Christy Johnson – Expanding Relationships for All

As a teenager, Christine Johnson felt that her career was well-planned. Growing up in a small town in Indiana, she spent much of her childhood in the constellations and maps. She dreamed of becoming an astrophysist and pursued a strong education. After earning his bachelor’s degree, Johnson immediately began his PhD in physics at the University of Maryland.

When she met Leo Felix, everything changed, a rare genetic disorder characterized by only seven cases in the world. It is associated with developmental delays, speech impediments, severe mental retardation, autism, epilepsy and motor challenges.

“This was going to affect him for the rest of his life and so we became a family. I knew that instead of completing my PhD, I wanted to stay at home with him, ”Johnson said.

The future construction for her son

For the next five years, Johnson poured in to fulfill her commitment as a student. In the evenings, she spends most of her free time learning about astronomy and learning about college astronomy. Johnson studied genetics, neuroscience, and taught herself the American Sign Language as a new way to communicate with him.

But for Johnson, that was not enough. L Her was still struggling to meet the standards of development. He was very interested in certain songs and music but still did not participate or learn by himself. She realized that if she did not have the tools to succeed, she would have to work on her own. “I bought Ardu ino Non and started making things to respond to his activities and encourage him to learn,” says Johnson. “Most of the things I made were out of cardboard, wood chips, and old toys. I was able to make my first real prototype after receiving a $ 300 grant from an artiste asylum in Somerville.

As her son grew older, Johnson began to think about returning to research. But much of her purpose has changed. I realized that physics was no longer the love of my life – it was my son. And I knew I wanted to pursue research that would improve the lives of him and others like him, ”Johnson said.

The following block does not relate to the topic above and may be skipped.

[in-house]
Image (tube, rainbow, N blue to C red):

Her old rhyme, which is entirely physics-based, has not been able to transmit countless hours of research into neurological development. In her search for a research program, she encountered several setbacks before finding MIT Media Lab, which accepts individuals with special backgrounds and focuses on multidisciplinary research. Johnson jokes: “It’s an academic island, just like inappropriate toys. “I am so grateful he was there. I have never felt more at home in my life. ”

Designing tools to improve communication and understanding

Today, Johnson is a senior graduate student at Picard Laboratory. She has led various projects that support individuals with neurological differences. Her work in the practical computer team uses wearable devices that measure changes in the electrical properties of the skin. “These devices can be worn on the wrist and serve as a proxy for sympathetic nervous responses,” she says.

“In the past, people like my son often found it difficult to get to the clinic. With the help of wearable devices, you can see people in their normal surroundings fluently, ”she says. Johnson combines these wearable sensors in patients with epilepsy and children with severe cerebral palsy and FMI. We are expanding our knowledge of what is really going on in the mind and how this relates to everyday life.

Johnson is currently collaborating with MIT graduate Jaya Narain and MIT Lincoln Laboratory and Harvard University researchers on a project that combines “Relationship” and “All”. The team is working to capture, identify, and differentiate words from the people she calls mv *. The term includes 20 or less speech words, possibly due to genetic impairment, mental retardation, autism spectrum disorder and / or other neurological conditions.

Silent vocals are sounds that have a synergistic effect or meaning, such as “hah” or “ah.” Their meanings have been studied in infants and many other species and animals, ”Johnson said. “However, they are not studied in mv * individuals, which is disturbing and irritating. Not only did my son fall into this category, but so did more than 1 million individuals in the United States. ”

These non-verbal voices can be recorded through the Komala app and named by the knowledgeable caregiver. All of this has been done remotely, which means that the study has continued throughout the global epidemic and has reached a geographically dispersed mv * community, Johnson said. The team then took these recordings and began developing machine learning models that could be used to translate individual sounds into real time. The recordings can also be easily shared to help those in contact with the person for the first time. “Many mv * individuals are talking loudly, but their audience is only trained for speech. We want to help them hear and understand. ” “I hope this project expands and we can grow into a new field.”

Johnson is looking forward to her PhD next week and recently received a post-doctoral degree at Boston Children’s Hospital, where she will continue her research on Interpretive Neuroscience for children with neurological disabilities. She hopes the study expands our understanding of all individuals and encourages individuals (including MV *) to be seen as doing what they can.

“Just like in astronomy, we have to study our mind indirectly,” says Johnson. We know we are beautiful, but what we do not yet understand is the vast human cosmos.


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